The increasing attention that healthcare industry is giving to the emerging patient’s or nursing advocacy theories is enough incentive to ensure that nurses are keen at developing the requisite cultural skill that is required in the process of formulating approaches to treatment that are culturally relevant and mutually acceptable. Mutually acceptability is a key component of this cultural approach to nursing as it is important to acknowledge that healthcare facilities and the larger healthcare industry has its own guiding laws and principles. For instance, in the case where a son broke-out his dying father out of the high dependency unit it is important to similarly acknowledge that in as much as the patient had his cultural beliefs, so did the healthcare institution have its own internal policies of discharging patients. An agreeable middle ground has to be reached while acknowledging the rights of both parties.
Providing healthcare needs within a largely globalized society will always remain a challenge especially when multiple interests have to be factored. The most important element of cultural awareness that nurses have to understand is the fact that elements of culture are both external and internal and cannot be summarily covered under the nursing curriculum. Also, Hammond (2010) rightly argues that it should be understood that cultural diversity by itself constitutes diverse forms right from religion based, social and racial diversity. Each situation that will be encountered will be different and will require a varied approach in its resolution. According to Renee (2010) the acronym ASK – which stands for awareness with skill and knowledge has been developed to address different emerging scenarios that could have cultural implications to the care receiver. The trick here is to be always open minded and willing to integrate the various elements of a particular cultural dispensation in the delivery of nursing care services. Of utmost importance is to desist from making any form of assumptions regarding a particular scenario. For example, if a patient is not eating, a nurse should not be quick to assume that this is a case of lack of appetite due to prevailing symptoms or an intense drug routine. The patient could as well be fasting.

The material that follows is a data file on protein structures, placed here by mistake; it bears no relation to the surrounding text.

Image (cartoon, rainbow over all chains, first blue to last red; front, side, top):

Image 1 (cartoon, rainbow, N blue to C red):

Barry, M. and Edgman-Levitan, S. (2012) Shared Decision Making—The Pinnacle of Patient-Centered Care. New England Journal of Medicine, 366, 780-781
Bynum, S., Davis, J., Green, B. and Katz, R. (2012) Unwillingness to Participate in Colorectal Cancer Screening: Examining Fears, Attitudes, and Medical Mistrust in an Ethnically Diverse Sample of Adults 50 Years and Older. American Journal of Health Promotion, 26, 295-300.
Campinha-Bacote, J., (May 31, 2011) "Delivering Patient-Centered Care in the Midst of a Cultural Conflict: The Role of Cultural Competence" OJIN: The Online Journal of Issues in Nursing Vol. 16, No. 2, Manuscript 5.
Hammond, W. (2010) Psychosocial Correlates of Medical Mistrust among African-American Men. American Journal of Community Psychology, 45, 87-106.
Reneé S. Holleran. (2010). “How Can Nurses Increase Their Cultural Awareness?” Medscape.